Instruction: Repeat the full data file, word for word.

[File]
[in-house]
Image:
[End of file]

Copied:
[in-house]
Image: